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My experiences with Peace Corps, from application to invitation and beyond!
Although I didn't start this page until a few weeks before my departure date, I would like to explore all of the steps I took that got me where I am.

To see the timeline of Peace Corps go here.

  Application Process: In August of 2000 I was beginning to really think about what I wanted to do after graduation. I decided to look more into the Peace Corps and what it had to offer. Thankfully there was a recruiter at my university and Larry was incredible. Even though I visited him about 40 times in one month he was always helpful and willing to talk about his experiences with Peace Corps. All in all the application took me about 6 weeks. I have every reough draft of my application, and I can't count how many times I revised it!! I also chose people who truly knew me to write my recommendation letters. I didn't have someone from a volunteer organization like they prefer, but I chose instead to have one of my old high school teachers write one. He was my mentor and a very close friend. I tell him all the time he is my pseudo-father. I also chose my old boss, and my boyfriend's mother (who is like my second mom) to write the personal recommendation. These three people knew me the best and I thought they would be the best people to represent me. Thankfully I wasn't wrong!!

"Ask not what your country can do for you, ask what you can do for your country." - JFK, 1961


The Peace Corps has three goals: 1) To provide volunteers who contribute to the social and economic development of interested countries; 2) To promote a better understanding of Americans
among the people whom volunteers serve; and 3) To strengthen Americans' understanding about the world and its peoples".
  My Invitation: Now, I'm not sure if this is the case throughout P.C. but my invitation came a few weeks early. And it was to Mongolia. I know, I know...you're saying - you aren't going to Mongolia, you're going to Bulgaria. This is because Mongolia holds the coldest capital in the world. I'm from Arizona. For those of you that haven't experienced an Arizona summer don't fully understand. However, for those of you who have, please note that I have been here for approximately 20 years! During that time I'm sorry to say that my blood has thinned just a bit. I had a difficult time deciding whether or not to accept this invitation. I did a lot of research and even talked to a woman who grew up there. In the end I chose to decline my invitation. That was the hardest thing to do. I wasn't sure if that would make me look unflexible or unadaptable but I just didn't want my experience with Peace Corps to consist of 2 months of -50 degree weather before I decided I couldn't hack it in my tent. I didn't want to leave before my assignment was up, and I just wasn't sure I could survive such extreme cold. I knew that I would probably experience snow regardless of where I went, however this was just too much. All in all, my placement officer was pretty cool, except that it took forever from that point on to get a new assignment - literally. I waited until the middle of April to find out. I'm sure that the rest of my group knew well in advance. But, the assignment was emailed to me, and as soon as I poured through the 20+ pages of information, I immediately emailed back that I accepted! I was so completely happy and excited about Bulgaria. What a great place to go. This is such an incredible time in this country's history, and to be a part of something would be spectacular.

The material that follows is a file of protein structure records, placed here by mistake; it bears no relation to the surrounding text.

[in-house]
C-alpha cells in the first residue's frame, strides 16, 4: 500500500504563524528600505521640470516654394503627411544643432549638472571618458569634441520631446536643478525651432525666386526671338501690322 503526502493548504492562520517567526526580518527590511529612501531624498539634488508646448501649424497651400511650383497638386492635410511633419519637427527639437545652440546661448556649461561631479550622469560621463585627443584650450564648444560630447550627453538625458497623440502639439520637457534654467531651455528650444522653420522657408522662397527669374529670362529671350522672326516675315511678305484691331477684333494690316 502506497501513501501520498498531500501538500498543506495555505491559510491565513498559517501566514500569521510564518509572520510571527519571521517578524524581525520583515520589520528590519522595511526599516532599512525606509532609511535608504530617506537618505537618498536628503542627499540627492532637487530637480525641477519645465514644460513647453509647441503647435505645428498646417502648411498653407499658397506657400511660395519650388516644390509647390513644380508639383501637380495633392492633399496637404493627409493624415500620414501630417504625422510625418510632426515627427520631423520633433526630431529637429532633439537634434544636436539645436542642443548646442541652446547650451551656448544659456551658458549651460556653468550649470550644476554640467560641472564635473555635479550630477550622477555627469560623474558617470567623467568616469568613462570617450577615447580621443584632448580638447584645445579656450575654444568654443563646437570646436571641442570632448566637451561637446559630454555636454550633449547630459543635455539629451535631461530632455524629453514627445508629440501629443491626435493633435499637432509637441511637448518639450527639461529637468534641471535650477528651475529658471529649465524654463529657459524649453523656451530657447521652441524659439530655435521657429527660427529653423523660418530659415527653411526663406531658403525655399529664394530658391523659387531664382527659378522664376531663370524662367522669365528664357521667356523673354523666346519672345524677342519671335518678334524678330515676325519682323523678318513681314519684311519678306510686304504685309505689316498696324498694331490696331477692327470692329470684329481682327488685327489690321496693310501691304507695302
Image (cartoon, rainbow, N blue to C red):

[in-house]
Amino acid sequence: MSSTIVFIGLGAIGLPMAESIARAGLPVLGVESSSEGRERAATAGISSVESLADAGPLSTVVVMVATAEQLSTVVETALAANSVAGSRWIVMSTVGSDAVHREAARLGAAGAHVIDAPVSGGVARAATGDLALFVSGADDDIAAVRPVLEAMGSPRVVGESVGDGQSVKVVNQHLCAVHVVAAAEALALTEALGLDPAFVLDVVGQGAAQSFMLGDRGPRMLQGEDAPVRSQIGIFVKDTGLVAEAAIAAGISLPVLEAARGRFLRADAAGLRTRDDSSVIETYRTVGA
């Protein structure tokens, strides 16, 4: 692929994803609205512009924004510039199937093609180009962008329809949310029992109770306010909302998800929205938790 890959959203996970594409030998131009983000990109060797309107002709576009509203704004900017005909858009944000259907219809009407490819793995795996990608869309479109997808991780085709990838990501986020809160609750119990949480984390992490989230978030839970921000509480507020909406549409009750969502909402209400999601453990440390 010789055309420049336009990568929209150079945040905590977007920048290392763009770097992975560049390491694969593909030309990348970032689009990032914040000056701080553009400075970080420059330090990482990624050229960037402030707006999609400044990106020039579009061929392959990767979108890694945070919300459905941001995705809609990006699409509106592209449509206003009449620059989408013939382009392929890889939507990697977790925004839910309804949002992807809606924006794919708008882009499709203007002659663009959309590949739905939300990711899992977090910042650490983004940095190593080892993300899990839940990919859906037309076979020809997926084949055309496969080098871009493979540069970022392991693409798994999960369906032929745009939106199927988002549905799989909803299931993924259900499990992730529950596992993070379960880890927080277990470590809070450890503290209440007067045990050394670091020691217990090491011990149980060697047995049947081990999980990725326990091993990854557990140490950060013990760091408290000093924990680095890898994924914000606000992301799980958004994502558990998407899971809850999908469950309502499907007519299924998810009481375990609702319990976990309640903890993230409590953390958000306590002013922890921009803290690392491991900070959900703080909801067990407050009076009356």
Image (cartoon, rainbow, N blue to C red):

The Peace Corps was the idea of our nation's 35th president, John F. Kennedy (1961-63). In October, 1960, during a campaign speech late one night at the University of Michigan, Kennedy talked about his dream for a "Peace Corps" of young people that would be dedicated to the cause of peace and development across the world.